I have a feeling that if converting to the church did not include assistance moving to "the land of opportunity", that far fewer people would have converted.

 

SG

 

 

 
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My ancestor, Mary McBride is buried 'on the plains' near Scottsbluff Nebraska, a member of the John B. Walker Co., and victim of Cholera.

 

Her children survived and finished the trek to SLC.

 

A sad footnote to my study of my family history and entanglement with the so-called church.

 

To underscore the misery index, Mary McBride's father was one of the people killed at Haun's Mill, Missouri.  

 

I can't even begin to fathom the miserable life that my ancestors lived as trusting followers of Joseph and Brigham...and on my father's side of the family, literally EVERY ancestral line traces through the history of mormonism.  All branches of the family were in Utah before the railroad arrived, which means they were all suckers that bought the snake oil...

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"I figured there may be some sort of attempt at apology by GBH, but NOOOOOOO - all he could say was - "there's no way to know who was actually responsible for this, so let's all just forget about it...".

 

That is because "Love means never having to say you're sorry". (couldn't resist - L-d$,inc doctrine straight from the movie classic LOVE STORY.

 

As for what GordieB said - Joseph Smith would have prayed and gotten a revelation telling what happened, why and then detailed the genealogy of those involved.

 

But now it is all covered by "that is not necessary to your salvation" and then dropped.

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Two things, first I read that BY was trying to save money by sending the saints with handcarts, and the he was warned by people in the church that they did not have enough food etc. to make it.  But BY would not listen.  I blame him for the handcart problems.  Am I right or wrong on this? Second the book written By Jauntia Brookes about the MT. meadows massacre was very good, it is older but very well documented. I went down to the the sight and we got a chance to walk around the sight  be told how it happened.  It made me sick, and then I put that back on the shelf, but when it came crashing down there was know way I could go back to that type of blind obedience. Religion really is not the answer it is just sad, how could anyone do that.
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Not enough.
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General Smith:
Not enough.

 

 

Are you saying that you wish more people had died? That really isn't very nice. That would be the type of feelings Mormons would assume that ex-Mormons would have. I would think that ex-Mormons would want to prove the Mormons wrong.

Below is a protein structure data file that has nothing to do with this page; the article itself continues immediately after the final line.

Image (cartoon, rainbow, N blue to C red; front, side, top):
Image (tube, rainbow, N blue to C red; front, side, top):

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Heretic:
General Smith:
Not enough.

 

 

Are you saying that you wish more people had died? That really isn't very nice. That would be the type of feelings Mormons would assume that ex-Mormons would have. I would think that ex-Mormons would want to prove the Mormons wrong.

 

 >>Implying one's actions, thoughts, or posts on the interwebs should be governed by what Mormons might think.

 

lol

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@ General Smith

I was trying to be somewhat polite. I guess I will stop. You pretty much stated that you are disappointed that more Mormons did not die crossing the plains. It is morally reprehensible to wish people would die. This is like the attitude that murderers, sadists, and perpetrators of genocide have. I assert that it is evil to want people to die unless you are talking about enemies who are willing and able to injure or kill you right in the middle of a self defense or war type of situation.

There is this old thing: "Thou shalt not kill." The Bible has been discredited, but this is a rule that makes good sense, and made it into things the Code of Hammurabi, English Common Law, The Code Napoleon, and the laws of the United States of America.
 
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I took Gen. Smith's position to be that in saying "not enough..." he meant that it's too bad that the leadership people didn't seem to suffer.  What would have happened if BY and his apostles had croaked?

 

I have a rule of thumb about internet exchanges:  always assume the best possible interpretation.  I don't always follow my rule, but that's another story. 

 
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Elder OldDog:

I took Gen. Smith's position to be that in saying "not enough..." he meant that it's too bad that the leadership people didn't seem to suffer.  What would have happened if BY and his apostles had croaked?

 

I have a rule of thumb about internet exchanges:  always assume the best possible interpretation.  I don't always follow my rule, but that's another story.